In related literature, you will find much reference to the “modern-day” in discussion of causes or factors influencing musculoskeletal pain and tightness. Sitting, travelling and stress are regularly regarded as causatives of pain and discomfort. Although this information indicates possible explanations for why we might experience pain from work and daily life, it may not really provide all that much assistance in terms of a functional solution. It may even create more stress.
Instead, it can be useful to better understand the basic physiology behind your pain and discomfort ensuring small steps are taken towards counteracting the problem. This will ensure you are not becoming overly concerned with the rhetoric of “sitting is the new smoking” whilst continuously feeling like you are doing wrong. Worrying too much about sitting being the cause may even worsen the problem, especially if you are predisposed to stress and/ or pain. This is because you would then be further stressed, further increasing SNS activation, and ultimately tightening your muscles or increasing pain.
An alternative way of thinking is especially important if you cannot modify your workload or work life easily yet still wish to have less discomfort. Even just acknowledging that the nervous system governs and controls your tightness and pain experience can be extremely useful. It can help you realise that there is a more powerful system behind why we feel pain or become tight and that it is much less inanimate than the common thought that muscles simply become tight on an individual basis.
Humans are really the only mammal on the planet who do not differentiate, physiologically, between a life or death scenario and a less severe stressful situation. Although the volume of hormones released may be less in comparison with that released during a life or death state, you will still have a very similar, albeit smaller, concoction of hormones released whilst dealing with much less severe challenges such as office politics, heavy workload or tough home life. These hormones activate the sympathetic nervous system which produces muscle tightness as well as creating conditions that enable pain, discomfort and dysfunction to occur. Over a sustained period, your body learns to adapt and your nervous system prioritises overused muscles creating chronic tension and stress. The body becomes more sufficient at becoming tight and if you are experiencing pain, the physiological components, such as the neurons that fire messages to your brain creating pain, also become more efficient. For many people, however, this is not irremediable. Typically, trying to improve chronic pain or tension can feel like a major challenge with no easy indication that things are actually working. This can lead to demotivation and even low mood or depression.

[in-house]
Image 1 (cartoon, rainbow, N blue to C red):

By listening to your body and understanding your nervous system, you can move more often and with more variation whilst enjoying true rest and recovery. This will help regulate balance within your nervous system and break any monotony of the muscular system’s functional movement routine. You should always try to improve mental health and anxiety and treat this as a priority. In moderate, extreme and even initially some mild cases, intervention in the way of medication, professional counselling or general advice can be crucial in improving symptoms or preventing escalation. Exercise should be promoted, however, if you are struggling to the point where exercise does not seem viable, you should focus on addressing anxieties and stress initially and never feel inferior or guilty for not exercising, just aspire and envisage eventually being able to. If it is purely conventional pain that is stopping you from moving more, consult a doctor, sports therapist or physio.